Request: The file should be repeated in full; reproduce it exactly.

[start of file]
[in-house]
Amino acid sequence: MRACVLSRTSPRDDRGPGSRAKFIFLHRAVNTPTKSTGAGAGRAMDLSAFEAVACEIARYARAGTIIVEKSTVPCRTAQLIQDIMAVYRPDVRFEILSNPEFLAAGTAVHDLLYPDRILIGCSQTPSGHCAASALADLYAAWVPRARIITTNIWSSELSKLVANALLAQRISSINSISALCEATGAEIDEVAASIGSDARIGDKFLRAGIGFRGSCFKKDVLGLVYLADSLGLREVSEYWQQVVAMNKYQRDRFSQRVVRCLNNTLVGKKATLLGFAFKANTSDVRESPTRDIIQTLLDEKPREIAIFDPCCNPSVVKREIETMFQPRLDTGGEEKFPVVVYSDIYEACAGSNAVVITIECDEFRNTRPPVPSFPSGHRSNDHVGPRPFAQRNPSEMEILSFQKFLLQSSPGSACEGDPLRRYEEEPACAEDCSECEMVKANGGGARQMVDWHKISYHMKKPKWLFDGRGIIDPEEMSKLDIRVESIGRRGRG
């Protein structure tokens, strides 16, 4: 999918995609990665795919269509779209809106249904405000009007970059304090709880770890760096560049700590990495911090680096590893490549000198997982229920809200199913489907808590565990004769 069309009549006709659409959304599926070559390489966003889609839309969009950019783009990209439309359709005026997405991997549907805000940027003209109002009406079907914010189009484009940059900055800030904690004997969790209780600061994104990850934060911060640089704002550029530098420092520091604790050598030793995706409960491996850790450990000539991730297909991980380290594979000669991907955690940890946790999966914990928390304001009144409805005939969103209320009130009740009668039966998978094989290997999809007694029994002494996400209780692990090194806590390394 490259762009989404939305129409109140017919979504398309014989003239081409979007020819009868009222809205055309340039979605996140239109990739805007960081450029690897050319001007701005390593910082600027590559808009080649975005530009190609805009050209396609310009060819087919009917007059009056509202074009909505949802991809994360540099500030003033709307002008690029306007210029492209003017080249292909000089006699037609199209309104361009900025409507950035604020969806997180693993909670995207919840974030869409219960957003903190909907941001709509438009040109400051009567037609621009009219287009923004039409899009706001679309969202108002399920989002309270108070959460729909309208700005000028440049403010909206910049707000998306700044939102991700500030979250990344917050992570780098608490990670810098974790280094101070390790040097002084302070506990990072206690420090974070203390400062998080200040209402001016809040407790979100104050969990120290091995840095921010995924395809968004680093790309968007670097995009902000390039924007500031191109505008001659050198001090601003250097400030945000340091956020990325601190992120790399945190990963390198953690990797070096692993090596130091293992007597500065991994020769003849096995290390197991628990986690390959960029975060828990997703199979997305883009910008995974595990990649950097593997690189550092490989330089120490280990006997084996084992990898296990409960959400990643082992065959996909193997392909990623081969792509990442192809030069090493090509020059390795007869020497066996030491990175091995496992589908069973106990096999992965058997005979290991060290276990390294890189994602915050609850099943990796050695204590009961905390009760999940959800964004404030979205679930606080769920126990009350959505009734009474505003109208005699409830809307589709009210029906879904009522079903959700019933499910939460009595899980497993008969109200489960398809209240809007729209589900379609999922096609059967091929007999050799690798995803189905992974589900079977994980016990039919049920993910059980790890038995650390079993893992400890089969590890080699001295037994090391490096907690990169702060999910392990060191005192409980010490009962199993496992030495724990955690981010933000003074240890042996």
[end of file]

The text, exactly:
[in-house]
Amino acid sequence: MRACVLSRTSPRDDRGPGSRAKFIFLHRAVNTPTKSTGAGAGRAMDLSAFEAVACEIARYARAGTIIVEKSTVPCRTAQLIQDIMAVYRPDVRFEILSNPEFLAAGTAVHDLLYPDRILIGCSQTPSGHCAASALADLYAAWVPRARIITTNIWSSELSKLVANALLAQRISSINSISALCEATGAEIDEVAASIGSDARIGDKFLRAGIGFRGSCFKKDVLGLVYLADSLGLREVSEYWQQVVAMNKYQRDRFSQRVVRCLNNTLVGKKATLLGFAFKANTSDVRESPTRDIIQTLLDEKPREIAIFDPCCNPSVVKREIETMFQPRLDTGGEEKFPVVVYSDIYEACAGSNAVVITIECDEFRNTRPPVPSFPSGHRSNDHVGPRPFAQRNPSEMEILSFQKFLLQSSPGSACEGDPLRRYEEEPACAEDCSECEMVKANGGGARQMVDWHKISYHMKKPKWLFDGRGIIDPEEMSKLDIRVESIGRRGRG
């Protein structure tokens, strides 16, 4: 999918995609990665795919269509779209809106249904405000009007970059304090709880770890760096560049700590990495911090680096590893490549000198997982229920809200199913489907808590565990004769 069309009549006709659409959304599926070559390489966003889609839309969009950019783009990209439309359709005026997405991997549907805000940027003209109002009406079907914010189009484009940059900055800030904690004997969790209780600061994104990850934060911060640089704002550029530098420092520091604790050598030793995706409960491996850790450990000539991730297909991980380290594979000669991907955690940890946790999966914990928390304001009144409805005939969103209320009130009740009668039966998978094989290997999809007694029994002494996400209780692990090194806590390394 490259762009989404939305129409109140017919979504398309014989003239081409979007020819009868009222809205055309340039979605996140239109990739805007960081450029690897050319001007701005390593910082600027590559808009080649975005530009190609805009050209396609310009060819087919009917007059009056509202074009909505949802991809994360540099500030003033709307002008690029306007210029492209003017080249292909000089006699037609199209309104361009900025409507950035604020969806997180693993909670995207919840974030869409219960957003903190909907941001709509438009040109400051009567037609621009009219287009923004039409899009706001679309969202108002399920989002309270108070959460729909309208700005000028440049403010909206910049707000998306700044939102991700500030979250990344917050992570780098608490990670810098974790280094101070390790040097002084302070506990990072206690420090974070203390400062998080200040209402001016809040407790979100104050969990120290091995840095921010995924395809968004680093790309968007670097995009902000390039924007500031191109505008001659050198001090601003250097400030945000340091956020990325601190992120790399945190990963390198953690990797070096692993090596130091293992007597500065991994020769003849096995290390197991628990986690390959960029975060828990997703199979997305883009910008995974595990990649950097593997690189550092490989330089120490280990006997084996084992990898296990409960959400990643082992065959996909193997392909990623081969792509990442192809030069090493090509020059390795007869020497066996030491990175091995496992589908069973106990096999992965058997005979290991060290276990390294890189994602915050609850099943990796050695204590009961905390009760999940959800964004404030979205679930606080769920126990009350959505009734009474505003109208005699409830809307589709009210029906879904009522079903959700019933499910939460009595899980497993008969109200489960398809209240809007729209589900379609999922096609059967091929007999050799690798995803189905992974589900079977994980016990039919049920993910059980790890038995650390079993893992400890089969590890080699001295037994090391490096907690990169702060999910392990060191005192409980010490009962199993496992030495724990955690981010933000003074240890042996």